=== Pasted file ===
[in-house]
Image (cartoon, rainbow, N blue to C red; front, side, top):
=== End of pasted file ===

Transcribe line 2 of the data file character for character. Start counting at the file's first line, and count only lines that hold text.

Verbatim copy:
Image (cartoon, rainbow, N blue to C red; front, side, top):